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Published:July 10th, 2010 12:34 EST

Obama: Veterans With Post-traumatic Stress Deserve Best Care

By SOP newswire3


American Forces Press Service

WASHINGTON, July 10, 2010 " The Veterans Affairs Department will begin making it easier for veterans with post-traumatic stress disorder to obtain the benefits and treatment they need starting next week, President Barack Obama said today in his weekly message, calling veteran care the nation`s solemn responsibility. "

The full text of the message follows:

Last weekend, on the Fourth of July, Michelle and I welcomed some of our extraordinary military men and women and their families to the White House.

They were just like the thousands of active duty personnel and veterans I`ve met across this country and around the globe. Proud. Strong. Determined. Men and women with the courage to answer their country`s call, and the character to serve the United States of America.

Because of that service; because of the honor and heroism of our troops around the world; our people are safer, our nation is more secure, and we are poised to end our combat mission in Iraq by the end of August, completing a drawdown of more than 90,000 troops since last January.

Still, we are a nation at war. For the better part of a decade, our men and women in uniform have endured tour after tour in distant and dangerous places. Many have risked their lives. Many have given their lives. And as a grateful nation, humbled by their service, we can never honor these American heroes or their families enough.

Just as we have a solemn responsibility to train and equip our troops before we send them into harm`s way, we have a solemn responsibility to provide our veterans and wounded warriors with the care and benefits they`ve earned when they come home.

That is our sacred trust with all who serve " and it doesn`t end when their tour of duty does.

To keep that trust, we`re building a 21st century VA, increasing its budget, and ensuring the steady stream of funding it needs to support medical care for our veterans.

To help our veterans and their families pursue a college education, we`re funding and implementing the post-9/11 GI Bill.

To deliver better care in more places, we`re expanding and increasing VA health care, building new wounded warrior facilities, and adapting care to better meet the needs of female veterans.

To stand with those who sacrifice, we`ve dedicated new support for wounded warriors and the caregivers who put their lives on hold for a loved one`s long recovery.

And to do right by our vets, we`re working to prevent and end veteran homelessness " because in the United States of America, no one who served in our uniform should sleep on our streets.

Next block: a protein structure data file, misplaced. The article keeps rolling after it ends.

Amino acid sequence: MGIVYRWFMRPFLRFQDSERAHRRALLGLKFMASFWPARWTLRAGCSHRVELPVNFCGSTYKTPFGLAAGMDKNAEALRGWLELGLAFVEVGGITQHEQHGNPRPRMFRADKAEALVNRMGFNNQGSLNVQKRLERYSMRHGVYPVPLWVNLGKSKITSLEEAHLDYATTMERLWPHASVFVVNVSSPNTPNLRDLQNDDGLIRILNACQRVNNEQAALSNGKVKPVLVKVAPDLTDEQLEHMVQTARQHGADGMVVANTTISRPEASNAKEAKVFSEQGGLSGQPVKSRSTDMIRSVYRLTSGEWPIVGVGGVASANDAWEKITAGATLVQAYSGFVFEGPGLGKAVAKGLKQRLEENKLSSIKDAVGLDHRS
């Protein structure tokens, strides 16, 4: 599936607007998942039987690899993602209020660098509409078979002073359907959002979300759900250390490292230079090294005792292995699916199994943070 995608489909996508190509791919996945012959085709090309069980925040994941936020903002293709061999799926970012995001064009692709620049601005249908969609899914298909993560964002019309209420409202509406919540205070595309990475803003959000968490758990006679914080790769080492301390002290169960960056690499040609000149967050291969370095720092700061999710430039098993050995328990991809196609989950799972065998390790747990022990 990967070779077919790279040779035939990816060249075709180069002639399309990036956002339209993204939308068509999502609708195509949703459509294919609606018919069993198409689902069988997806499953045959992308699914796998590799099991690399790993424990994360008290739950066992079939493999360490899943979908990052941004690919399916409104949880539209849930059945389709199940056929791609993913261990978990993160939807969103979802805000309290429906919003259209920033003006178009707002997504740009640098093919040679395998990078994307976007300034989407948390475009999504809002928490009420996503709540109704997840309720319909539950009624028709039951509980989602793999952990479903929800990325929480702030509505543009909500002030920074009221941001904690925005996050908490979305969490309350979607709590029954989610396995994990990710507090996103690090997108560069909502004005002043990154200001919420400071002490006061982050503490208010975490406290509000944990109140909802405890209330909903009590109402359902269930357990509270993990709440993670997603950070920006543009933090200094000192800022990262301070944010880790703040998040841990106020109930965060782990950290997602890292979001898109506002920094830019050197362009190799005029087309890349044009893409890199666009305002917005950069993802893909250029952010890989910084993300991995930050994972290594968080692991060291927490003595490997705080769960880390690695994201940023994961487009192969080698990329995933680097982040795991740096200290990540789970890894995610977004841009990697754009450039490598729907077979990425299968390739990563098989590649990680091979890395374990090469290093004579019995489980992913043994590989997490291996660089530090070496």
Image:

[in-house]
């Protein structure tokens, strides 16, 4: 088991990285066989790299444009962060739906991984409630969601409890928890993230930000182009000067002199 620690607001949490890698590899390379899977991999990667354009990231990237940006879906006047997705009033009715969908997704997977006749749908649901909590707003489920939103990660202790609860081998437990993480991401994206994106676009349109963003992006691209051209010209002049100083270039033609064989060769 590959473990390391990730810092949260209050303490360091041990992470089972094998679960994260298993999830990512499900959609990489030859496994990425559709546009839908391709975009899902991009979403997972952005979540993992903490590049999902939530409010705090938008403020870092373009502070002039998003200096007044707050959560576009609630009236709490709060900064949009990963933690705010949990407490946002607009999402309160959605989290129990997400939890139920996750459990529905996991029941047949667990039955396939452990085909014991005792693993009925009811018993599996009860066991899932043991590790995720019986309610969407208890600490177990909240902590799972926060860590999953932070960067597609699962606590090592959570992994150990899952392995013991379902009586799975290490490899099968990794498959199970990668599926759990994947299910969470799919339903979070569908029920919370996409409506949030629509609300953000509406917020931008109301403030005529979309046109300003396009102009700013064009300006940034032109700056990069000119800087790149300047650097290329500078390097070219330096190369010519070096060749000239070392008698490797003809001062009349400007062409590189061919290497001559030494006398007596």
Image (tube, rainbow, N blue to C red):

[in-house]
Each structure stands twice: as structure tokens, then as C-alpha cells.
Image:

We also know that for many of today`s troops and their families, the war doesn`t end when they come home.

Too many suffer from the signature injuries of today`s wars: Post-Traumatic Stress Disorder and Traumatic Brain Injury. And too few receive the screening and treatment they need.

Now, in past wars, this wasn`t something America always talked about. And as a result, our troops and their families often felt stigmatized or embarrassed when it came to seeking help.

Today, we`ve made it clear up and down the chain of command that folks should seek help if they need it. In fact, we`ve expanded mental health counseling and services for our vets.

But for years, many veterans with PTSD who have tried to seek benefits " veterans of today`s wars and earlier wars " have often found themselves stymied. They`ve been required to produce evidence proving that a specific event caused their PTSD. And that practice has kept the vast majority of those with PTSD who served in non-combat roles, but who still waged war, from getting the care they need.

Well, I don`t think our troops on the battlefield should have to take notes to keep for a claims application. And I`ve met enough veterans to know that you don`t have to engage in a firefight to endure the trauma of war.

So we`re changing the way things are done.

On Monday, the Department of Veterans Affairs, led by Secretary Eric Shinseki, will begin making it easier for a veteran with PTSD to get the benefits he or she needs.

This is a long-overdue step that will help veterans not just of the Afghanistan and Iraq Wars, but generations of their brave predecessors who proudly served and sacrificed in all our wars.

It`s a step that proves America will always be here for our veterans, just as they`ve been there for us. We won`t let them down. We take care of our own. And as long as I`m Commander-in-Chief, that`s what we`re going to keep doing. Thank you.